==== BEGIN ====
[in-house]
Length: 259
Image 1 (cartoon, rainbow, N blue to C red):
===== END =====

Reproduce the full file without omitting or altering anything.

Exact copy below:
[in-house]
Length: 259
Image 1 (cartoon, rainbow, N blue to C red):